Laser-welded ”wind turbine steel” behaves as it ought to during tensile testing.
LWT has begun to look into heavy section welding of steel, and has been involved in hybrid laser welding of 20 mm thick and 40 mm thick steel samples. The picture series below shows an advancing tensile strength test of a laser-welded specimen with a color distribution as a function of the mechanical stresses.
The colder the color (blue is coldest), the less the stress, and the hotter the color (red is hottest), the higher the stress. The stress distribution in the test specimen is shown at various stages during the tensile test, clearly showing, that the weld (and near weld) material is stronger than the bulk material. The shown strain distribution is representative for all test specimens.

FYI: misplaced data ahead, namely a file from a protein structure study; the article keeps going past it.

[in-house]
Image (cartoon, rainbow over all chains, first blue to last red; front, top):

Stress distribution during various stages of uniaxial tensile testing of a laser-welded S355NL test specimen, which is 20 mm thick. The colors in the pictures show the real-time stress distribution during tensile testing, load increasing left to right. The technique used to measure these stresses is referred to as digital image correlation (DIC). It works by tracking multiple tiny points, superimposed on the test specimen. The position of each point is tracked during testing, and the relative movements of the points are followed. This allows real time measurement of the stresses acting (locally) in the test specimen. Using designated software, the stress distribution can be visualized by different colors. S355NL is the typical steel grade used for wind turbine towers and foundations. In these real-life applications the steel is applied in thicknesses, ranging from 8 to 150 mm. Image: LWT